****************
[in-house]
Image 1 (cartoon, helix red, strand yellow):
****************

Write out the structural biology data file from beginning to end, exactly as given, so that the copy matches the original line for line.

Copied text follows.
[in-house]
Image 1 (cartoon, helix red, strand yellow):